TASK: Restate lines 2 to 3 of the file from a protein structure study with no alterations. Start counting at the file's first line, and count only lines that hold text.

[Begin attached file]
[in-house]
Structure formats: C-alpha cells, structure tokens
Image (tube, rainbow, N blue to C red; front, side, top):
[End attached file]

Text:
Structure formats: C-alpha cells, structure tokens
Image (tube, rainbow, N blue to C red; front, side, top):